To fix the browser launched for URLs, you either need to use a desktop environment following GNOME's mechanism for setting the default browser, or edit ~/.local/share/applications/mimeapps.list and make sure x-scheme-handler/http, x-scheme-handler/https, and x-scheme-handler/ftp are set to your preferred browser's desktop file basename under [Added Associations].
All my issues with gnome-terminal are now gone and I'm only too happy to go back to it. rxvt-unicode-256color urxvt took some work. This is where I got with configuration:
URxvt.font: xft:Monospace-10:antialias=true
URxvt.foreground: #aaaaaa
URxvt.background: black
URxvt.scrollBar_right: true
URxvt.cursorBlink: true
URxvt.perl-ext-common: default,matcher,tabbedex
URxvt.url-launcher: /usr/bin/x-www-browser
URxvt.matcher.button: 1
URxvt.perl-lib: /home/enrico/.urxvt/perl
URxvt.color0: black
URxvt.color1: #aa0000
URxvt.color2: #00aa00umask
URxvt.color3: #aa5500
URxvt.color4: #0000aa
URxvt.color5: #aa00aa
URxvt.color6: #00aaaa
URxvt.color7: #aaaaaa
URxvt.color8: #555555
URxvt.color9: #ff5555
URxvt.color10: #55ff55
URxvt.color11: #ffff55
URxvt.color12: #5555ff
URxvt.color13: #ff55ff
URxvt.color14: #55ffff
URxvt.color15: #ffffff
I got all of the tab behaviour that I need by "customizing" the tab script (yuck github :( ). Missing sakura Configuration is in .config/sakura/sakura.conf and these bits help:
font=Monospace 10
Missing lxterminal Configuration is in .config/lxterminal/lxterminal.conf and this is relevant to me:
fontname=DejaVu Sans Mono 10
Also, to open a url directly you control+click it. Missing terminator Configuration is in .config/terminator/config and this is relevant to me:
  use_custom_url_handler = True
  custom_url_handler = x-www-browser
  inactive_color_offset = 1.0
  close_term = None
  close_window = None
  copy = None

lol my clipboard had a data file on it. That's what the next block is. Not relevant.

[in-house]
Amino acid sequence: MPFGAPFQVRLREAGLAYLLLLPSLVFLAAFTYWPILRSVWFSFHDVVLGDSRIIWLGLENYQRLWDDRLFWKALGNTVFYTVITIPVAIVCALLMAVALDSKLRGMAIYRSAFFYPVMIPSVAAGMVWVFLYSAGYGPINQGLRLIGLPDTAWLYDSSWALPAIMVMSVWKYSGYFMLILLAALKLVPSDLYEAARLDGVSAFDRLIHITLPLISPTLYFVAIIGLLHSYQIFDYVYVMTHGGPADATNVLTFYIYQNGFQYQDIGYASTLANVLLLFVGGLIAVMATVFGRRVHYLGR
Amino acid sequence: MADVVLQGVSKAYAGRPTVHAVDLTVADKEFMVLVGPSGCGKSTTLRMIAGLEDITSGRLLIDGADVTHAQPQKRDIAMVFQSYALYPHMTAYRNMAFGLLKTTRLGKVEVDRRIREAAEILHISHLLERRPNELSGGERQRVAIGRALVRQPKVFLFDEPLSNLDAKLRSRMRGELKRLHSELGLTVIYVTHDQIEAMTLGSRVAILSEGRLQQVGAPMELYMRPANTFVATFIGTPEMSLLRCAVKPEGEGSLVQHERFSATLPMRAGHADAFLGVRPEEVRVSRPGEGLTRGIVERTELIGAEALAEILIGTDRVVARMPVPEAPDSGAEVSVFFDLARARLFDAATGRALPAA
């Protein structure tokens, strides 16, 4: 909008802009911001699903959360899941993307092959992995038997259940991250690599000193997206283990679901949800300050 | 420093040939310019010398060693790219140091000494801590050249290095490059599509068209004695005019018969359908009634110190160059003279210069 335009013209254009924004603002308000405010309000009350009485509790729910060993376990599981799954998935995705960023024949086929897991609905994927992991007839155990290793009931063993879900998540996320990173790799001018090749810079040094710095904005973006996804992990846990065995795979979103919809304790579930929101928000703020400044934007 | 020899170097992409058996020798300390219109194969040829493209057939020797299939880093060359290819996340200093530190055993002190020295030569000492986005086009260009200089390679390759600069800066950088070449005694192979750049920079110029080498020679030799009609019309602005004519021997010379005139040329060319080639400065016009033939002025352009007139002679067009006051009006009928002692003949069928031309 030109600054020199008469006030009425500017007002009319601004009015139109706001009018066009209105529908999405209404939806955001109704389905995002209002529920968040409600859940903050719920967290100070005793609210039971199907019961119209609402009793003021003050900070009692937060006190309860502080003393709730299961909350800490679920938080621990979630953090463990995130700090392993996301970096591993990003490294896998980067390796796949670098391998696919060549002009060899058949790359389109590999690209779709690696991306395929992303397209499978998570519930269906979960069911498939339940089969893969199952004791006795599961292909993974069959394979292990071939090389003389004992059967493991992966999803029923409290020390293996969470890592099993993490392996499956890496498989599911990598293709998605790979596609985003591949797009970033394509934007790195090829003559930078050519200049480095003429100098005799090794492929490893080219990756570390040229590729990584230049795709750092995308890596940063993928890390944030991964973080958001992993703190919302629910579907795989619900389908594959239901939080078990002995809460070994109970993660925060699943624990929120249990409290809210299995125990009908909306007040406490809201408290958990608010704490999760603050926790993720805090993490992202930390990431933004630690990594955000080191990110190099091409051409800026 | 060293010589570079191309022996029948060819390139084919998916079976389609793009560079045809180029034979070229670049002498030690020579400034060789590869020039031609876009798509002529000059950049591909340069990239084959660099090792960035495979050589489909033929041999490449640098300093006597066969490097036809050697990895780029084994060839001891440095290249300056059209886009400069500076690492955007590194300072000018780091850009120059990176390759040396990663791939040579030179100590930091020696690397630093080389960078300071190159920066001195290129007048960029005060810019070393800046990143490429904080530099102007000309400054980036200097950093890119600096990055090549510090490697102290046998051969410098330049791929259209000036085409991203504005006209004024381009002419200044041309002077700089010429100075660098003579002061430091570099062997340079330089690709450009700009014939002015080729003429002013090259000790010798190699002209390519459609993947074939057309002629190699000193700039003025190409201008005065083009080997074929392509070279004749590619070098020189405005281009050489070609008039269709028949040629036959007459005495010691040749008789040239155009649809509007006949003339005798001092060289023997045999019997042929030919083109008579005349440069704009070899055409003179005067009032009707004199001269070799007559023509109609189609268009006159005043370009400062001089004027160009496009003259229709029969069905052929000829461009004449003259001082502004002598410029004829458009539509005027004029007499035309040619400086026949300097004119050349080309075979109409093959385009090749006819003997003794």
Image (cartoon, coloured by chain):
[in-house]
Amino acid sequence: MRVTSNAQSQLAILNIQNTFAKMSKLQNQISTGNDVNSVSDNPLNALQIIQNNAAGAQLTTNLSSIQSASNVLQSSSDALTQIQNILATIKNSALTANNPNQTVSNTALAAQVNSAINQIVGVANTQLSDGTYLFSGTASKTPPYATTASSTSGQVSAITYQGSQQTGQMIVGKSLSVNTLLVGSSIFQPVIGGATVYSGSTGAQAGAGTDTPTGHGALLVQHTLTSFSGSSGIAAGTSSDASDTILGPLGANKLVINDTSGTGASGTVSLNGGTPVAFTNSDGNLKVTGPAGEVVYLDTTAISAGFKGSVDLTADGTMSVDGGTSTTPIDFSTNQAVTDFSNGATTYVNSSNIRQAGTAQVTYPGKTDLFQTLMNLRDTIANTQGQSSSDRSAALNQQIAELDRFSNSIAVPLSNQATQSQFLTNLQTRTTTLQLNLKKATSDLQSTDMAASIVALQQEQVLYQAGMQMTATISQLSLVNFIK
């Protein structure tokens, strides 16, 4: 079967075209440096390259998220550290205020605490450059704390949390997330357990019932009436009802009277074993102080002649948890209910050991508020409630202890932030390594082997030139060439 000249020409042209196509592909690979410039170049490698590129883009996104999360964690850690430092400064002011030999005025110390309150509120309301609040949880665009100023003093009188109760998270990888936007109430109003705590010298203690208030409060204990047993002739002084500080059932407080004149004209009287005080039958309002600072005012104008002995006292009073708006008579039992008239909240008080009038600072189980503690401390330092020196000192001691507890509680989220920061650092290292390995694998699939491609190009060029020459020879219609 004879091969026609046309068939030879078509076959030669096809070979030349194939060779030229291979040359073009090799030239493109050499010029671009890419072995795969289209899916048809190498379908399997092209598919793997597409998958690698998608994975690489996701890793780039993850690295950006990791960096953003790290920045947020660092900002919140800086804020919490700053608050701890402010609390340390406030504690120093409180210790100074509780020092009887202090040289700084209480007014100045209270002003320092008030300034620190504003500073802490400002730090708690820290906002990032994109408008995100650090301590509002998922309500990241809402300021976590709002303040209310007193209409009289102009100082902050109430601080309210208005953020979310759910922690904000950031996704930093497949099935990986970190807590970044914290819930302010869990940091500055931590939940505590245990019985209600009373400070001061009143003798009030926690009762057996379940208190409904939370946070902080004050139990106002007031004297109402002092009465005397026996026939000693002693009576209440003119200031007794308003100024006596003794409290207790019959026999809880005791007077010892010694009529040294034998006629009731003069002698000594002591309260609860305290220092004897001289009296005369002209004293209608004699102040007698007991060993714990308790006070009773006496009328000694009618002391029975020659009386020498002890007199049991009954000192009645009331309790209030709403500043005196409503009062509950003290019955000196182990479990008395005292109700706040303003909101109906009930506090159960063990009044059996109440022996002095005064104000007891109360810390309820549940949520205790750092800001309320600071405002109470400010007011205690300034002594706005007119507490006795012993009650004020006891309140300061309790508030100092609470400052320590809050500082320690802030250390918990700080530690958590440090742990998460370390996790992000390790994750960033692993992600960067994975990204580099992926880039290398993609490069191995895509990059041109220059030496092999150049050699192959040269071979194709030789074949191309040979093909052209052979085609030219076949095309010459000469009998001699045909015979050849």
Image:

cycle_next = None
  cycle_prev = None
  go_down = None
  go_next = None
  go_prev = None
  go_up = None
  group_all = None
  group_tab = None
  hide_window = None
  move_tab_left = None
  move_tab_right = None
  new_tab = None
  new_terminator = None
  new_window = None
  next_tab = None
  paste = None
  prev_tab = None
  reset_clear = None
  reset = None
  resize_down = None
  resize_left = None
  resize_right = None
  resize_up = None
  rotate_ccw = None
  rotate_cw = None
  scaled_zoom = None
  search = None
  split_horiz = None
  split_vert = None
  switch_to_tab_1 = <Alt>F1
  switch_to_tab_2 = <Alt>F2
  switch_to_tab_3 = <Alt>F3
  switch_to_tab_4 = <Alt>F4
  switch_to_tab_5 = <Alt>F5
  switch_to_tab_6 = <Alt>F6
  switch_to_tab_7 = <Alt>F7
  switch_to_tab_8 = <Alt>F8
  switch_to_tab_9 = <Alt>F9
  switch_to_tab_10 = <Alt>F10
  toggle_scrollbar = None
  toggle_zoom = None
  ungroup_all = None
  ungroup_tab = None
  <span class="createlink">default</span>
    palette = "#000000:#aa0000:#00aa00:#aa5500:#0000aa:#aa00aa:#00aaaa:#aaaaaa:#555555:#ff5555:#55ff55:#ffff55:#5555ff:#ff55ff:#55ffff:#ffffff"
    copy_on_selection = True
    icon_bell = False
    background_image = None
    show_titlebar = False
Missing update: Richard Hartmann pointed out that terminator's upstream maintainer now changed after the old one didn't have time any more, and it should have a release with a ton of improvements anytime soon. xfce4-terminal Configuration is in .config/xfce4/terminal, and this is relevant to me: terminalrc:
FontName=Monospace 10
(gtk_accel_path "<Actions>/terminal-window/goto-tab-1" "<Alt>F1")
(gtk_accel_path "<Actions>/terminal-window/goto-tab-2" "<Alt>F2")
(gtk_accel_path "<Actions>/terminal-window/goto-tab-3" "<Alt>F3")
(gtk_accel_path "<Actions>/terminal-window/goto-tab-4" "<Alt>F4")
(gtk_accel_path "<Actions>/terminal-window/goto-tab-5" "<Alt>F5")
(gtk_accel_path "<Actions>/terminal-window/goto-tab-6" "<Alt>F6")
(gtk_accel_path "<Actions>/terminal-window/goto-tab-7" "<Alt>F7")